‘American Love’ takes on the politics of love
By Kelsey Sipple
Published on Monday, November 12, 2012
“True American Love,” an original play written by Laura Neill ’13, provided a fresh, beautifully crafted take on political commentary. The production, directed by Luke Katler ’15, was performed on Thursday, Friday and Saturday in the Bentley Theater.
“It talks about the intersection of politics and love,” Neill said. “It kind of contemplates the question of how much right a government or a person has to tell someone else whether they’re right or wrong, especially when it comes to romantic relationships.”
Set in Washington, D.C., the story follows Bianca, played by Anoush Arakelian ’14, an aggressively driven campaign worker who will stop at nothing for her job, even if that involves destroying her personal relationships along the way. The four-person cast was excellent, but most notable were the performances by Robert Leverett ’16 and Alyssa Steeger ’16. Leverett captured the power and cool ferocity of a politician under fire in his role as Sen. Rich Sellman, and Steeger shone as his mistress, Isabelley.
Bianca spends the play trying to expose Sellman’s affair in order to derail his campaign because she despises his “True American Love Act” — a bill decreeing that only couples who are truly in love, according to a lie detector test, can be married. In order to uncover Sellman’s transgressions, Bianca finds herself also injuring close friends, as Isabelle also happens to be Bianca’s friend and roommate.
Katler took a creative approach to the play, which was effectively a staged reading of the script. The actors’ scripts sat on music stands, which Katler allowed to become a dynamic part of each scene.
“I’m using space creatively in that I’m showing their character relationships by how they interact with these stands and these chairs,” Katler said. “It was a really fun creative challenge to figure out how to not make that repetitive and how to make that engaging. It creates some really beautiful moments.”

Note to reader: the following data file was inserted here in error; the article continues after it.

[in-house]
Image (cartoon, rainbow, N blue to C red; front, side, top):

Most notable of these moments is a scene in which Bianca’s fiance, Stu, played by Michael Vestergaard ’15, steps out from behind his music stand and delivers his lines off-book during a fight that tears apart their engagement. The shift in his delivery allowed the lines to command more attention and made the scene much more powerful to experience.
“I think it makes it that much more effective, kind of delving into the reality then delving back into this accepted world that we’ve established,” Katler said.
The consistent use of the music stands and chairs allowed the play’s different scenes to weave together to create a cohesive, surreal environment. The dialogue came to life on the sparse set, as few visuals were present to take attention away from the lines.
The production “True American Love” was a workshopping process, as Neill continuously reworked the script over the course of the term with the assistance of theater professor Joseph Sutton. The cast also contributed to the dialogue.
“It was interesting going through the process with the playwright and looking at her edits,” Steeger said. “She was very open to what we had to say about the characters. Basically every single rehearsal for two months straight, we’d have a new script.”
What started out as a love story with political elements became more of a political satire as the script changed throughout the term. The cast did not receive final scripts until the weekend before the performance.
“It’s been interesting to see the progression,” Katler said. “It’s maintained its ability to be a political commentary, but for me, my focus has switched more to these characters and how they relate to each other. I think that’s what’s really interesting about it, and then once you start thinking about the characters so much I think the political commentary comes through pretty easily.”
The actors enjoyed watching the play evolve and being a part of Neill’s creative process.
“The character relationships have changed somewhat, but the core characterization has been pretty consistent,” Leverett said. “I think that’s credit to Laura as a writer.”
Stage manager Catherine Darragh ’13 was in charge of making sure everyone was updated with each successive draft of the script and coordinated the organization of the production.
“It’s an incredibly difficult job, and she does it incredibly well,” Neill said.
Neill said a full staged production of “True American Love” will occur either in the Winter or Spring term.
Katler is a member of The Dartmouth Staff.